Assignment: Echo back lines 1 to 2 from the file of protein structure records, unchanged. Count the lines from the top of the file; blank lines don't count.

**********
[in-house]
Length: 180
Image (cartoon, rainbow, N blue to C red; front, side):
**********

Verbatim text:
[in-house]
Length: 180